The goal of Orthorexia treatment is to help you let go of a self-imposed restrictive diet, reduce stress and anxiety surrounding food choices, and eat a balanced diet where all foods fit. Usually, this involves psychotherapy and other approaches, such as working with a registered dietician alongside your clinical team, whether at Emerald Isle or elsewhere.

Support Options For Orthorexia And Other Eating Disorders

Support Meal System

It is possible to regain your life after an eating disorder. Many people work with a team of multiple medical professionals as they work on their emotional health and overcome their unhealthy obsession with healthy eating. Here are some modes of support you may benefit from.

Nutrition counseling and meal support

Whether you receive Orthorexia treatment inpatient or outpatient, you will typically engage in a combination of nutrition counseling and mental health therapy. Nutrition counseling can help you find peace with food and expose yourself to new foods with the help of a registered dietician.

Meal support refers to eating meals with other people (e.g., other clients in treatment, friends, family, or treatment professionals) in a supportive environment. In inpatient or outpatient settings, some people engage in processing groups after meals.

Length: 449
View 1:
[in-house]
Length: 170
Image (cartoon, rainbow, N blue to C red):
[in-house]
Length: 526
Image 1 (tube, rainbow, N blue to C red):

Therapy is a critical part of comprehensive treatment for most people with mental health conditions. Many different therapies are proven effective and can be used to address eating disorders. An Orthorexia treatment plan might involve individual, family, and group therapy options.

If someone has more than one mental health concern or condition (e.g., obsessive-compulsive disorder, depression, or family trauma), they may work on both with a mental health professional like a counselor, therapist, social worker, or psychologist in therapy. You may engage in therapy on an inpatient or outpatient basis.

Residential treatment

Residential treatment involves living at a treatment facility for the duration of care. If you attend residential treatment for any eating disorder, you will sleep, eat, and bathe at your treatment facility.

Outpatient treatment

Outpatient treatment programs can vary but usually involve a time commitment of 19 hours per week or less. Unlike residential treatment, you do not live at a treatment facility when you are in an outpatient treatment program. Instead, you attend a treatment facility multiple times weekly for therapy and other activities.

Partial hospitalization programs

A partial hospitalization program (PHP) provides a higher level of support than outpatient treatment. Although it is otherwise similar to outpatient treatment, PHP can involve a time commitment of 20+ hours per week.

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What Forms Of Therapy Help With Eating Disorders?

Many therapeutic modalities might be used as part of your Orthorexia treatment plan. Here are some common forms of therapy you may see used to treat Orthorexia and other eating disorders.

Dialectical behavior therapy (DBT)

Dialectical behavior therapy (DBT) is often incredibly supportive for those with eating disorders such as Orthorexia Nervosa, Anorexia Nervosa, Binge Eating Disorder, and Bulimia Nervosa. DBT is derived from CBT and uses many of the same practices, but it focuses more heavily on how you interact with yourself and others. Establishing and using coping skills, like TIPP skills, is another significant part of DBT.